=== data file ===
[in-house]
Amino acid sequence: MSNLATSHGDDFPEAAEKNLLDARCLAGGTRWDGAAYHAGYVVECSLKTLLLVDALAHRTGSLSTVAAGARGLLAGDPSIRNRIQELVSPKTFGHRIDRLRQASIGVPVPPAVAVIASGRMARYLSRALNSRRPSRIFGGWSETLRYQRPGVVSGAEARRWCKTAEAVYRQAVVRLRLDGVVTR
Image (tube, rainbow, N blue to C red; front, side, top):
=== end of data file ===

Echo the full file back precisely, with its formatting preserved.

[in-house]
Amino acid sequence: MSNLATSHGDDFPEAAEKNLLDARCLAGGTRWDGAAYHAGYVVECSLKTLLLVDALAHRTGSLSTVAAGARGLLAGDPSIRNRIQELVSPKTFGHRIDRLRQASIGVPVPPAVAVIASGRMARYLSRALNSRRPSRIFGGWSETLRYQRPGVVSGAEARRWCKTAEAVYRQAVVRLRLDGVVTR
Image (tube, rainbow, N blue to C red; front, side, top):